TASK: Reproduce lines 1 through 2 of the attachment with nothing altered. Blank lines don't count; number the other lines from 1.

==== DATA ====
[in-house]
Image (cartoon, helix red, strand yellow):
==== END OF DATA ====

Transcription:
[in-house]
Image (cartoon, helix red, strand yellow):